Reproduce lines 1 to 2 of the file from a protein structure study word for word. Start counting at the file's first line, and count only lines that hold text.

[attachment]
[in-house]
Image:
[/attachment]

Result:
[in-house]
Image: